Let $X$ be a topological space. Then its chain complex $C_{*}(X)$ is naturally a coalgebra (as explained here Does homology have a coproduct?). In particular if $X$ is simply connected we have that the homology of the cobar construction $\Omega C_{*}(X)$ of $C_{*}(X)$ is isomorphic to the homology of the pointed path space $\Omega X$ (Adam's theorem). I'm looking for reference about similar statements using the bar construction:

a) Consider the cochain complex $C^{*}(X)$ as a dg algebra equipped with the cup product. Assume that $X$ is simply connected. Then under which conditions the cohomology of the bar construction $BC^{*}(X)$ is isomorphic to the cohomology of the path space?

b) $C_{*}(X)$ is a coalgebra where the coproduct is the composition of the Alexander-Whitney map with the diagonal map. By taking the dual we get a dg algebra $C^{*}(X)$ with a product $\mu$. Let $B'C^{*}(X)$ be the bar construction of ($C^{*}(X)$, $\mu$). What is the relation between $BC^{*}(X)$ and $B'C^{*}(X)$?

  • $\begingroup$ isn't the cup product on $C^*(X)$ defined as the dual of the coproduction on $C_*(X)$ ? I don't quite understand the difference between your questions a) and b). $\endgroup$ Sep 7, 2019 at 23:59

3 Answers 3


You should read about the Eilenberg--Moore spectral sequence. John McCleary's book "A User's Guide to Spectral Sequences" is a good place to start. Another good reference is Larry Smith's paper in Transactions of the AMS "Homological algebra and the Eilenberg--Moore spectral sequence". In particular, the answer to your question (a) is always, provided $X$ has the homotopy type of a countable, simply-connected CW complex with finite type integral homology. This follows from the Theorem of Eilenberg--Moore (presented as Theorem 7.14 in McCleary and Theorem 3.2 of Smith) applied to the pullback diagram $$ \begin{array}{ccc} \Omega X & \to & PX\simeq\ast \newline \downarrow & & \downarrow \newline \ast & \to & X. \end{array} $$ Let's assume coefficients in a field $k$, so $C^\ast(X)=C^\ast(X;k)$. The key thing to realize is that the bar construction $BC^\ast(X)$ is a proper projective resolution of $k$ by $C^\ast(X)$-modules, and so its cohomology is $\operatorname{Tor}_{C^\ast(X)}(k,k)$, which by Eilenberg--Moore is isomorphic to $H^*(\Omega X)$.


  • 2
    $\begingroup$ I was wondering if you assume some finiteness conditions on the space $X$ ? $\endgroup$
    – Ilias A.
    Sep 3, 2015 at 19:44
  • $\begingroup$ @AmraniIlias: You are right, thank you. I've edited my answer to reflect this. $\endgroup$
    – Mark Grant
    Sep 4, 2015 at 7:18
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    $\begingroup$ So the answer to (a) is always, but only sometimes? (That just strikes me as odd wording.) $\endgroup$ Sep 4, 2015 at 7:21

May be I misunderstood your question. $C^{\ast}(X)$ is an $E_{\infty}$-algebra. For pointed simply connected space $X$ there is an equivalent of $E_{\infty}$-algebra between $BC^{\ast}(X)$ and $C^{\ast}(\Omega X)$ under some finiteness conditions on $X$. The functor $B$ can be seen as the suspension functor (in the derived sense) in the category of augmented $E_{\infty}$-algebra and the functor $C^{\ast}(-)$ (under some assumption on spaces ) takes finite homotopy limits of spaces to homotopy colimits of $E_{\infty}$-algebras (I'm working over a field). some reference: math.univ-lille1.fr/~fresse/Bar-StructureUniqueness.pdf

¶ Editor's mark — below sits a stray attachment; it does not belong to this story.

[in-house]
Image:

It is better to see $C^{\ast}(X)$ as an $E_{\infty}$-algebra and not just as a differential graded algebra. As we see the interpretation can be made more comprehensive from homotopical view point.


Over the rationals or the reals, K.T. Chen described a concrete way of relating the bar construction of the CDGA algebra of differential forms on a manifold to the smooth singular cochains on the based loop space. It is dual to Adams' cobar construction and can be thought as a De Rham type theorem for the based loop space. The main statement is the following. Let $M$ be a connected smooth manifold and let $(\mathcal{A}(M), d, \wedge)$ be the CDGA of differential forms on $M$. Let $A$ be a sub CDGA of $\mathcal{A}(M)$ such that $A^0=0$, $A^i=\mathcal{A}^i(M)$ for $i>1$, and $A^1$ is a complement of $d\mathcal{A}^0(M)$, i.e. $\mathcal{A}^1(M)=d\mathcal{A}^0(M) \oplus A^1$.

Consider the bar construction $(B(A), D)$. This is a DG commutative coassociative Hopf algebra with underlying vector space $T(sA)$, the tensor coalgebra on the shifted $A$, product given by shuffling monomials, coproduct given by deconcatenation of monomials, and differential given by extending $d + \wedge$ as a coderivation, as usual. Chen constructed a chain map \begin{eqnarray} \int: B(A) \to C^*(\Omega M) \end{eqnarray} inducing a map of Hopf algebras on cohomology, where $C^*(\Omega M)$ denotes the real smooth singular cochains on the based loop space of $M$. Moreover, if $M$ is simply connected, the above map induces an isomorphism on cohomology. The map is constructed by a process of iterated integration (or integration over a simplex) on a given monomial of differential forms on $M$. More precisely, given $[w_1|...|w_m] \in B(A)$, $\int w_1 ... w_m$ is the cochain that sends any smooth simplex $\sigma: \Delta^n \to \Omega M$ to the integral \begin{eqnarray} \int_{\Delta^m \times \Delta^n} \sigma_1^*(w_1)...\sigma_m^*(w_m) \end{eqnarray} where $\sigma_i: \Delta^m \times \Delta^n \to M$ is defined by $\sigma_i(t_1,...,t_m,s)=\sigma(s)(t_i)$. It is a beautiful theory exposed in several papers of Chen from the 70's and there are still paths to be explored.


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